If Apple cares about the professional users (which I'm convinced they don't), they really have a lot of work ahead of them.
    HunterSThompson
  • Reply 19 of 21
    No comment about the idea that Apple doesn't care about professional users in general and and Cinema 4D artists specifically. But the idea implied in the cover shot for that podcast is lightweight -- the Touch Bar and the Surface Studio are not in competition.

    The Surface Studio doesn't compete with iMacs or MacBook Pros. It competes with the Wacom Cintiq 27" line. Right now, the Surface Studio's 4.5K display is superior, but how long will that last? Two years at best? And how good is the pen, really? Can Wacom make a better pen for it? If so, why not just buy a Wacom? The fact the Surface Studio is also a computer is a minor point at best. 

    If Apple were to launch a 27" iPad Pro+, it would face the same problems Microsoft faces in trying to complete with Wacom. Namely, Wacom is far more agile and experienced in this space -- this is what they do, and they have done it well for a long time. They know what their customers want. They can produce a whole line tailored to different needs, not just a single product. Critically, they are not tied to one OS -- their products work with both Macs and PCs.

    Apple could, of course, make their iPad Pro+ just as Windows-friendly as Wacom's units, but I'm not sure why they would want to do that -- the point would be for it to work seamlessly with macOS.
    edited December 2016
  • Reply 20 of 21
    No comment about the idea that Apple doesn't care about professional users in general and and Cinema 4D artists specifically. But the idea implied in the cover shot for that podcast is lightweight -- the Touch Bar and the Surface Studio are not in competition.

    The Surface Studio doesn't compete with iMacs or MacBook Pros. It competes with the Wacom Cintiq 27" line. Right now, the Surface Studio's 4.5K display is superior, but how long will that last? Two years at best? And how good is the pen, really? Can Wacom make a better pen for it? If so, why not just buy a Wacom? The fact the Surface Studio is also a computer is a minor point at best. 

    If Apple were to launch a 27" iPad Pro+, it would face the same problems Microsoft faces in trying to complete with Wacom. Namely, Wacom is far more agile and experienced in this space -- this is what they do, and they have done it well for a long time. They know what their customers want. They can produce a whole line tailored to different needs, not just a single product. Critically, they are not tied to one OS -- their products work with both Macs and PCs.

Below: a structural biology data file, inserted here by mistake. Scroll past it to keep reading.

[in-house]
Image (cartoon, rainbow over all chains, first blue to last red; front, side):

Apple could, of course, make their iPad Pro+ just as Windows-friendly as Wacom's units, but I'm not sure why they would want to do that -- the point would be for it to work seamlessly with macOS.
    I would say that the Surface Studio definitely does compete with the iMac but only with a subset of its users (although if you wanted to target potential iMac switchers you would clearly want that particular subset in your crosshairs). The Studio is a niche product - at the moment.

    If the design actually works and people like it (and can afford it), the logical next step will be to get prices down and perhaps even consider a smaller version.

    It clearly competes with the Cintiq 27" line too. Yes, Wacom has the know-how of decades of product development but the product really isn't that difficult to replicate if you have the resources. Having the board separate to the computer also has its advantages. As you say, Wacom will have far more agility to bring newer products to market and they have a full spread of options. It also has its Mac user base to play to. At the moment, they are safe. The problem is the future. If the Studio takes off and prices begin to come down, there might be a slight swing to surface type machines (it's hard to imagine that there isn't at least be another Surface Studio already in development - independently of sales of this first product). Microsoft seems to be a different beast in some respects now. If the product does find its niche, there is a risk that Wacom will begin to lose out but Apple might start to lose out too, by losing some of those high end iMac 27" users. If traditional PC manufacturers think they can pull off their own Surface Studio type ideas we might see prices evolve downwards even faster. That would spell trouble for Wacom, who I can't see melding a computer onto their devices and competing head to head with Microsoft. I'm sure Wacom management is revising the case studies on Nokia just in case.

    So, what should Apple do? Stick to its current gameplan and wait for the Studio to fizzle away? Build a 17" MBP with detachable Touchscreen? A giant iPad Pro? Produce a Cintiq-like device, or just buy Wacom? Or just ignore everything and continue to focus on the iPhone?

    If you are a Cintiq 27" user the outlay is something you consider very carefully before setting up your work station. If you throw in a new MBP, you consider it even more before deciding. Even at current pricing, I'm sure some users can see the appeal.

    Before I write off the Surface Studio I will wait and see just how it is received. As I said in a previous post, Microsoft has thrown its hat into the ring, and with its new direction, I don't think the idea is to dip a toe into the water or treat the adventure as a 'hobby'.
    edited December 2016
Sign In or Register to comment.